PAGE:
1604, 1605. ACADIA OCCUPIED.

De Monts, with one of his vessels, sailed from Havre de Grace on the seventh of April, 1604. Pontgrave, with stores for the colony, was to follow in a few days.

Scarcely were they at sea, when ministers and priests fell first to discussion, then to quarrelling, then to blows. "I have seen our cure and the minister," says Champlain, "fall to with their fists on questions of faith. I cannot say which had the more pluck, or which hit the harder; but I know that the minister sometimes complained to the Sieur de Monts that he had been beaten. This was their way of settling points of controversy. I leave you to judge if it was a pleasant thing to see."

Sagard, the Franciscan friar, relates with horror, that, after their destination was reached, a priest and a minister happening to die at the same time, the crew buried them both in one grave, to see if they would lie peaceably together.

De Monts, who had been to the St. Lawrence with Chauvin, and learned to dread its rigorous winters, steered for a more southern, and, as he flattered himself, a milder region. The first land seen was Cap la Heve, on the southern coast of Nova Scotia. Four days later, they entered a small bay, where, to their surprise, they saw a vessel lying at anchor. here was a piece of good luck. The stranger was a fur-trader, pursuing her traffic in defiance, or more probably in ignorance, of De Monts's monopoly. The latter, as empowered by his patent, made prize of ship and cargo, consoling the commander, one Rossignol, by giving his name to the scene of his misfortune. It is now called Liverpool Harbor.

In an adjacent harbor, called by them Port Mouton, because a sheep here leaped overboard, they waited nearly a month for Pontgrave's store-ship. At length, to their great relief, she appeared, laden with the spoils of four Basque fur-traders, captured at Cansean. The supplies delivered, Pontgrave sailed for Tadoussac to trade with the Indians, while De Monts, followed by his prize, proceeded on his voyage.

He doubled Cape Sable, and entered St. Mary's Bay, where he lay two weeks, sending boats' crews to explore the adjacent coasts. A party one day went on shore to stroll through the forest, and among them was Nicolas Aubry, a priest from Paris, who, tiring of the scholastic haunts of the Rue de la Sorbonne and the Rue d'Enfer, had persisted, despite the remonstrance of his friends, in joining the expedition. Thirsty with a long walk, under the sun of June, through the tangled and rock-encumbered woods, he stopped to drink at a brook, laying his sword beside him on the grass. On rejoining his companions, he found that he had forgotten it; and turning back in search of it, more skilled in the devious windings of the Quartier Latin than in the intricacies of the Acadian forest, he soon lost his way. His comrades, alarmed, waited for a time, and then ranged the woods, shouting his name to the echoing solitudes. Trumpets were sounded, and cannon fired from the ships, but the priest did not appear. All now looked askance on a certain Huguenot, with whom Aubry had often quarrelled on questions of faith, and who was now accused of having killed him. In vain he denied the charge. Aubry was given up for dead, and the ship sailed from St. Mary's Bay; while the wretched priest roamed to and fro, famished and despairing, or, couched on the rocky soil, in the troubled sleep of exhaustion, dreamed, perhaps, as the wind swept moaning through the pines, that he heard once more the organ roll through the columned arches of Sainte Genevieve.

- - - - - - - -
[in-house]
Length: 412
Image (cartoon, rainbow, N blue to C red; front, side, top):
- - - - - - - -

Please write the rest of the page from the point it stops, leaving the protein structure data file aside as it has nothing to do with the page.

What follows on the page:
The voyagers proceeded to explore the Bay of Fundy, which De Monts called La Baye Francoise. Their first notable discovery was that of Annapolis Harbor. A small inlet invited them. They entered, when suddenly the narrow strait dilated into a broad and tranquil basin, compassed by sunny hills, wrapped in woodland verdure, and alive with waterfalls. Poutrincourt was delighted with the scene. The fancy seized him of removing thither from France with his family and, to this end, he asked a grant of the place from De Monts, who by his patent had nearly half the continent in his gift. The grant was made, and Poutrincourt called his new domain Port Royal.

Thence they sailed round the head of the Bay of Fundy, coasted its northern shore, visited and named the river St. John, and anchored at last in Passamaquoddy Bay.

The untiring Champlain, exploring, surveying, sounding, had made charts of all the principal roads and harbors; and now, pursuing his research, he entered a river which he calls La Riviere des Etechemins, from the name of the tribe of whom the present Passamaquoddy Indians are descendants. Near its mouth he found an islet, fenced round with rocks and shoals, and called it St. Croix, a name now borne by the river itself. With singular infelicity this spot was chosen as the site of the new colony. It commanded the river, and was well fitted for defence: these were its only merits; yet cannon were landed on it, a battery was planted on a detached rock at one end, and a fort begun on a rising ground at the other.